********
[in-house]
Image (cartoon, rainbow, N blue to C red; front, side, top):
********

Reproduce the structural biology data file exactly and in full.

[in-house]
Image (cartoon, rainbow, N blue to C red; front, side, top):